Create a Condition, Create a Market

This week’s international Herald Tribune features an article titled, “Selling an Illness Helps Pharmaceutical Giant Peddle Its Pill.” The author speaks of a little-known malady called Social Anxiety Disorder (SAD), a condition many of us have become familiar with during the past two years as a result of marketing efforts which included advertising on television.

According to the article, psychiatrists and patient advocates appeared on TV and in print to explain that the condition (SAD) was extremely widespread but was easily treatable. Paxil also markets their drug for a condition called “Generalized Anxiety Disorder” (GAD).

What the author found interesting was that all the attention surrounding this condition was not spurred on by medical developments, rather it was part of a coordinated campaign by a New York public relations agency. According to the article, about 96 percent of the stories delivered the message, “Paxil is the first and only FDA approved medication for the treatment of social anxiety disorder.” Was the ad agency hired by a pharmaceutical giant to push the use of drugs? Of course, but is the condition real?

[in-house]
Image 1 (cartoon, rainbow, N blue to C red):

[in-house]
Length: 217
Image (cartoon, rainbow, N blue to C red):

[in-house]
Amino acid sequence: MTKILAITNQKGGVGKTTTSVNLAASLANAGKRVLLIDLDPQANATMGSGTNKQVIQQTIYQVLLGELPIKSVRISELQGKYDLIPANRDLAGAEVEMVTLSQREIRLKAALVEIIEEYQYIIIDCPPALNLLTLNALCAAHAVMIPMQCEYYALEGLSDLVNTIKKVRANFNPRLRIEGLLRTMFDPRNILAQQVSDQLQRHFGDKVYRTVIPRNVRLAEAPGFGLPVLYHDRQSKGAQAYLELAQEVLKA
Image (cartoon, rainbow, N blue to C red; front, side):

You are the maker of this drug and you are the only manufacturer who has the drug to treat this so-called disorder, what kind of position does that put you in?

Sell The Illness, Supply The Market
Paxil is not alone. It was not long ago that we began seeing commercials for premenstrual dysphoric disorder or PMDD. The drug in this case was Sarafem, which according to WebMD, is a “repackaged, relabeled version of the antidepressant fluoxetine hydrochloride — better known to millions by the brand name Prozac.”

Ritalin is another example. There are those who question whether ADD/ADHD is a condition created by drug manufacturers in order to sell more product. In fact, the state of California and state of New Jersey filed class action suits against the makers of ritalin and the American Psychiatric Association last year, accusing the two of conspiring to create the disease attention deficit hyperactivity disorder (ADHD) in order to sell more of the drug.

Remember that nearly 20 million prescriptions for ritalin, and other psychotropic stimulants were written last year in the United States – that is a 35 percent increase since 1996. Most of the prescriptions, according to a health care information company, were written for boys under the age of 12.

International Herald Tribune: Selling an Illness Helps Pharmaceutical Giant Peddle Its Pill
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Planet Chiropractic: America Says NO To Ritalin @ 8:25 am | Article ID: 995556346